The Sincerest Form of Flattery

Long before she was conceived, and confident that my firstborn would be a girl, I had a middle name – Saoirse – for her. We lived in Asia, and felt that an Irish first name, especially one that did not conform to English phonetic rules, would be impractical. Her first name, we agreed, would be Sanskrit and, by virtue of its transliteration, easy to pronounce. In his hometown of Chennai, my husband bought a copy of the ‘Book of Hindu Names’.

‘Ishthar,’ he pronounced after flicking through it.

‘Ishthar,’ I rolled the name around my mouth. It sounded too harsh, too masculine, it stopped too abruptly.

My eye was drawn to another name further down the page.

‘I could live with “Ishthara” I told him.

So it was decided; my daughter would be called Ishthara – which, in Sanskrit, means ‘that which is desired most’.

It was the perfect name for the perfect child that it took me nearly ten years to have. When I held her in my arms for the first time, I knew that she was all I desired. She was every dream I’d ever had come true. She was a part of me that had come back to me. She was the song of my soul. She was, truly, Most Desired. In Hindi ‘Ishthara’ means ‘Falling Star. In either language, it’s a beautiful name. For short, I call her ‘Isha’ – which means ‘Goddess’ – and that, too, is appropriate.

Not long after Ishthara’s first birthday, I left my husband; and the nature of my work meant that I found myself in occasional need of a babysitter.

I was fortunate enough to find a wonderful Bangladeshi woman – Neelu – who was kind, sweet, motherly, and who adored Ishthara.

During that summer, Neelu’s daughter visited Singapore. Tahira was pregnant with her first child and sometimes accompanied her mother when Neelu babysat. Both women shared their hope with me that Neelu’s grandchild would be a girl. Further, Tahira told me that she really wanted a little girl like my little girl; sweet, affectionate, sunny, good-natured, and beautiful.

In the middle of October, I hired a full-time, live-in nanny, and Neelu went back to Bangladesh to be with Tahira in her final trimester.

On January 25th, 2004, my phone rang. The line was very crackly and there was a slight time-delay. It was Neelu, calling to tell me that her granddaughter had been born a month earlier.

‘What’s her name?’ I asked.

Neelu hesitated. The child had not yet been named, she told me.

‘That’s why I’m ringing you. We – my daughter and I – want to call the baby Ishthara, after your daughter. But my son-in-law will not agree. For one month, we have been asking him. We told him how wonderful your Ishthara is, how much we love her, and that we really want to call the new baby by her name. Finally, today, he said that if we can find out what the name means, and he likes the meaning, the baby can be called “Ishthara”. Please, can you tell me what means the name?’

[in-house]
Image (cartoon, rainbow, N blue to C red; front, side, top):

I felt a rush of mixed emotions. I realised that it is quite an honour when someone wants to call their baby after yours.

But at the same time, I couldn’t help feeling that ‘Ishthara’ was my daughter’s name. I chose it especially for her. It’s hers! I felt as protective of the name as I am of the child. I didn’t want anyone else to call their child ‘Ishthara’. I wanted this woman to go and find her own name – to put as much effort into finding a name for her child as I had put into finding a name for mine. A very unkind part of me was tempted to tell Neelu that the name means ‘Pig Goddess’. There was no way a Muslim would consent to his daughter being named that! I couldn’t though. I couldn’t lie about the meaning of my daughter’s name.

‘It’s a Hindu name,’ I cautioned her.

‘A Hindu name? Okay….but what does it mean?’

‘Most Desired’, I told her.

‘Most Desired?’ she repeated, to ensure that she heard correctly over the bad line.


Later, I learnt from Neelu that her son-in-law had been satisfied with that meaning, and her granddaughter had been named ‘Ishthara’.

Naming a child is a very serious matter, and should be taken very seriously. I put a lot of thought and effort into naming my children; and, somewhere in Dhaka, someone else put an equal amount of thought and effort into the task when she named her eldest daughter after mine.



So there I was, looking for a photo of the girls and myself on the back of a camel in the Punjab and I came across some of my poetry. There is no connection between camels and my poetry (except that when I wrote poetry, I usually had the hump), but when you’re looking for things in this house, you’re never sure what you’ll actually find.

You didn’t know I wrote poetry, did you? Well, that’s because I don’t any more. I’m not sure why. I used to write several pieces a day when I was in my mid to late teens. Then I got married and stopped doing a lot of things I enjoyed! Anyway, seeing as I’m being all brave this week, I thought I’d share some of those scribblings with you.

This first one was written a few days after I left my first husband, in 1998.

The Portrait

It is you who are my Dorian Gray

My face on which your lines appear

My heart that holds your worries

Your disappointments and your fear

My countenance is etched

With the marks of all your woes

While your visage, obviously,

Ne’er a day older grows

My heart is growing heavy

With the tears you do not weep

And with all your little secrets

Ones that I’m supposed to keep

Looking, you can see the furrows

That have crept around mine eyes

I wear all the markings

Of your betrayal and your lies

You have coated your soul in debauchery

Quaffed at the fountain of youth

Bathed in the waters of villainy

And I, I wear your truth

’Twas mine own hand that held the tools

As this portrait was being sketched

Though as I daubed, I did not know

That it would e’er look so wretched

For simple fool that toiled that day

Was unaware her picture would

Be soon replaced by her master’s

And he’d painted his with blood

And now the oil begins to flake